Marking One Year of Open Service
September 20, 2012 by HRC staff
Post submitted by Dan Rafter, Former HRC Associate Director of Communications
One year ago today, the discriminatory “Don’t Ask, Don’t Tell” policy – which prohibited qualified gay and lesbian service members from serving openly in our nation’s military – came to an end. The past year has brought us a number of historic firsts for gay and lesbian service members:
- We heard from those who were finally able to speak openly about their moving journeys and commitment to country
- In June, gay and lesbian service members could, for the first time, openly participate in Pride – with Defense Secretary Leon Panetta releasing the first-ever Pride message from the Pentagon
- Committed service members finally had the ability to marry the person they loved in their local community – HRC’s Fred Sainz attended a historic wedding ceremony on Joint Base McGuire-Dix-Lakehurst in New Jersey earlier this summer.
Perhaps one of the most important things to note is that, since the implementation of repeal, it has been business as usual in the military – with our nation’s professional and dedicated service members continuing to bravely carry out their duties. Many of those opposed to the repeal of “Don’t Ask, Don’t Tell” loudly predicted that allowing open service would effectively result in upheaval throughout the armed forces, and would have a detrimental impact on our nation’s military readiness.
We now know that those unfounded claims are simply untrue. Just last week, a new study from the Palm Center reported that allowing gay and lesbians to serve their country openly has led to no negative impacts whatsoever – on things ranging from unit cohesiveness to military readiness.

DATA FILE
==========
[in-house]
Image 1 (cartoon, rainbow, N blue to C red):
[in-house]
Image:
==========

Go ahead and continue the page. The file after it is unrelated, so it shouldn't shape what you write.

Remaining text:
That study backs up endorsements from the nation’s military leadership. Chairman of the Joint Chiefs of Staff Admiral Michael Mullen said the day after implementation of repeal: “…with implementation of the new law fully in place, we are a stronger joint force, a more tolerant joint force, a force of more character and more honor, more in keeping with our own values." Secretary of Defense Leon Panetta said: "Thanks to this change, I believe we move closer to achieving the goal at the foundation of the values that America is all about: equality, equal opportunity and dignity for all Americans.”
Despite the historic milestones we’ve seen in the past year, much work remains to ensure full equality in the military. At the top of that list: the discriminatory Defense of Marriage Act (DOMA). DOMA prohibits gay and lesbian service members and their spouses from receiving many of the benefits their straight counterparts receive. And our opponents are still at work to roll back equality – just last week, Republicans on the Hill introduced legislation aimed at protecting military chaplains from a “liberal same-sex marriage agenda.” Even the GOP’s 2012 platform insinuates that open military service is transforming the military into a platform for “social experimentation.”
Despite these remaining challenges, momentum is on our side – more Americans than ever before support equality across a broad number of spectrums, from marriage equality to workplace protections; adoption rights to hate crime protections. As we embark on another year of progress in the fight to achieve equality in the military, learn more about the work it took to repeal “Don’t Ask, Don’t Tell.”
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